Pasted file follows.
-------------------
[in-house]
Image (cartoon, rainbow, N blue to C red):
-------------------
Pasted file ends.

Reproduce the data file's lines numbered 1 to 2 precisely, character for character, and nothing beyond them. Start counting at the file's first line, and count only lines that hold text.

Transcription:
[in-house]
Image (cartoon, rainbow, N blue to C red):